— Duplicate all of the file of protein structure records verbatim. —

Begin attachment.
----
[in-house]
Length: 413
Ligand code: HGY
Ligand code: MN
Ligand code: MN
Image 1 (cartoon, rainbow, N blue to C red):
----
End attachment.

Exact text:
[in-house]
Length: 413
Ligand code: HGY
Ligand code: MN
Ligand code: MN
Image 1 (cartoon, rainbow, N blue to C red):